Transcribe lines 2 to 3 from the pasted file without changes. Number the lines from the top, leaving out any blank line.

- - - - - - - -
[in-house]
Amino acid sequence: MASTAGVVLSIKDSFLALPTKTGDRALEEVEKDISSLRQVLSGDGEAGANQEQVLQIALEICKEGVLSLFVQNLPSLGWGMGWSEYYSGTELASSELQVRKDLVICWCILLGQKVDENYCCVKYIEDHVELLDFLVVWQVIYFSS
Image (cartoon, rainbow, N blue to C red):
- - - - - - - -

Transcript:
Amino acid sequence: MASTAGVVLSIKDSFLALPTKTGDRALEEVEKDISSLRQVLSGDGEAGANQEQVLQIALEICKEGVLSLFVQNLPSLGWGMGWSEYYSGTELASSELQVRKDLVICWCILLGQKVDENYCCVKYIEDHVELLDFLVVWQVIYFSS
Image (cartoon, rainbow, N blue to C red):